Some of the adoption problem can be tied to reimbursement. While 10 of the 13 regional Medicare carriers cover the procedure, the process has not always been smooth; the recent receipt of a special code specific to PTNS in Florida should help, as should ongoing coverage discussions between Uroplasty and two of three Medicare holdouts. Uroplasty also boasts of private coverage of roughly 84 million lives.
Apart from reimbursement, marketing is also an issue. Uroplasty is a small company with, I believe, about 42 sales reps. That's a pretty sizable deficit compared to the small armies that J&J, Covidien, and Bard can employ, not to mention the fact that it takes some effort to convince the target docs and administrators that they're better off directing patients to PTNS versus surgery.
Could Competition Become A Bigger Threat?
Right now, Uroplasty is the only company I'm aware of that markets PTNS equipment. While Uroplasty's patents on tibial nerve stimulation probably do not completely block out competitors, the current size of the market very well might.
Medtronic (MDT) does sell a competing implantable sacral nerve stimulation therapy (InterStim), this product hasn't really been a big seller so far. Likewise, St. Jude Medical (STJ) and Boston Scientific have sacral nerve stimulation technology that could come into play at some point. It should be noted, though, that these are implantable approaches based on their existing technologies. Patients will have undergo surgery for the implant and the overall therapy costs are higher.
In the meantime, this is a fairly typical (for med-tech) razor/razor-blade model, where Uroplasty sells both pulse generators and disposable leads. As investors can see reviewing Uroplasty's patents, the company has an interesting way of preventing lead re-use - there's a fuse that blows and informs the generator system that the lead has been previously used.
Sussing Out Fair Value
Med-tech investors with long memories may remember Cyberonics (CYBX) and the difficulties that company experienced in getting doctors to embrace its implantable neurostimulation approach for epilepsy - even though it showed solid efficacy and presented minimal side-effects compared to the sometimes-debilitating side-effects of anti-epilepsy medication. Unfortunately, Uroplasty is facing a similar uphill climb - with limited marketing resources and large competitors committed to their own approaches (be they pharmaceutical, surgical, or implantable), it will be hard to convert doctors.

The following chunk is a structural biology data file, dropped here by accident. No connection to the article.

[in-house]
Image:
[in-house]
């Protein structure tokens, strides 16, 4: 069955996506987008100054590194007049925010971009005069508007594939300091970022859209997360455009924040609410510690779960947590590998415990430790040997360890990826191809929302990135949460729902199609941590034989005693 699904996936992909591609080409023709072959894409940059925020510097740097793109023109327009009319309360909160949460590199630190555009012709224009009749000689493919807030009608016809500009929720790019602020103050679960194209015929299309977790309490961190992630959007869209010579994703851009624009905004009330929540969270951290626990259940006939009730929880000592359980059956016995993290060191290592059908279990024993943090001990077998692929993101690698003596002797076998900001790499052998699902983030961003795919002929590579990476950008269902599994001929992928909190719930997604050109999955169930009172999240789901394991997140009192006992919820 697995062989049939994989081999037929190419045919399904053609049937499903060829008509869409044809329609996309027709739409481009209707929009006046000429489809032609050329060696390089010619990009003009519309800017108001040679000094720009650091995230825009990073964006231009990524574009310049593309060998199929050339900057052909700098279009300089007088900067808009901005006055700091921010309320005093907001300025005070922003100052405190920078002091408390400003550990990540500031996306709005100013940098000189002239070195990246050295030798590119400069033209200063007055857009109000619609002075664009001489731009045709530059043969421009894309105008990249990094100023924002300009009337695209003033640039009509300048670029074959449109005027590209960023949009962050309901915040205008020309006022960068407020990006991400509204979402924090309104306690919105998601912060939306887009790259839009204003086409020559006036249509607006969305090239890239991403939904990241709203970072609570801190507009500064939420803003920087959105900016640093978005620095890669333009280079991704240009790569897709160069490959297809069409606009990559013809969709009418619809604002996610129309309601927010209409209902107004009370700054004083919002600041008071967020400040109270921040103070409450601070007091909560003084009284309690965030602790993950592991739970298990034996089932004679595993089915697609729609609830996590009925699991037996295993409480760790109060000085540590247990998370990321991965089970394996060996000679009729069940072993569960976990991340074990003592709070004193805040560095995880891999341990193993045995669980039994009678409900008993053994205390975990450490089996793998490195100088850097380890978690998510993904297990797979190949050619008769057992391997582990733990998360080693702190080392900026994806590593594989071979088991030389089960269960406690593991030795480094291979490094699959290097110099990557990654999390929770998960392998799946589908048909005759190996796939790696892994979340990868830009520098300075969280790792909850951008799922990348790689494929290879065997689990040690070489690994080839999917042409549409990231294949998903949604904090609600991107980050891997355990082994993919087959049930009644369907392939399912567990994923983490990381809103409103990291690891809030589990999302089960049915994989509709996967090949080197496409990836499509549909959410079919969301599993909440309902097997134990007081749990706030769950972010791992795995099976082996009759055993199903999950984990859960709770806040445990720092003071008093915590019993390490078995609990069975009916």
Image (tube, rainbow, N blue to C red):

That said, if this company can reach that point of "critical mass", revenue could accelerate rapidly. Recent quarter results were mixed in that regard - Urgent PC sales in the US were up nicely on a year-over-year basis, but flat sequentially. At the same time, Uroplasty is also seeing solid growth from Macroplastique - its urethral bulking agent for female stress incontinence.
Based on recent take-outs in the med-tech space (Bard-Medivance, Medtronic -Peak Surgical, Endo Pharmaceuticals (ENDP) - American Medical Systems), Uroplasty looks undervalued. Those deals went off at trailing EV/revenue multiples of between 5x and 6x; Uroplasty trades at a 2.6x multiple. Unfortunately, a better multiple is going to be contingent on seeing that "hockey stick" revenue growth that med-tech growth investors expect from viable med-tech growth stories.
As was the case for Cyberonics and Advanced Neuromodulation Systems (which St. Jude acquired a while ago), that initial revenue ramp can be frustratingly slow, but breaking through the $25 million revenue barrier can be where the stories start to get exciting. Uroplasty may indeed never get there (despite the safety and cost-benefit profile), but with a long-term DCF analysis suggesting fair value north of $5, these shares may well be worth considering right now in the hopes the company can achieve that breakout.